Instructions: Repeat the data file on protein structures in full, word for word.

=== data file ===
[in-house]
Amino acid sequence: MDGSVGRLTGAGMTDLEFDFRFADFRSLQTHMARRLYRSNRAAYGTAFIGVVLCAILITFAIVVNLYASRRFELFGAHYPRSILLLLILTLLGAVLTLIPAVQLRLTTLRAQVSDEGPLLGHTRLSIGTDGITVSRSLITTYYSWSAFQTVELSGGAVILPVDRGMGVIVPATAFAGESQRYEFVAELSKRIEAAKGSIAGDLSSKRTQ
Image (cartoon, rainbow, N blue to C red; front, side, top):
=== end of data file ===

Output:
[in-house]
Amino acid sequence: MDGSVGRLTGAGMTDLEFDFRFADFRSLQTHMARRLYRSNRAAYGTAFIGVVLCAILITFAIVVNLYASRRFELFGAHYPRSILLLLILTLLGAVLTLIPAVQLRLTTLRAQVSDEGPLLGHTRLSIGTDGITVSRSLITTYYSWSAFQTVELSGGAVILPVDRGMGVIVPATAFAGESQRYEFVAELSKRIEAAKGSIAGDLSSKRTQ
Image (cartoon, rainbow, N blue to C red; front, side, top):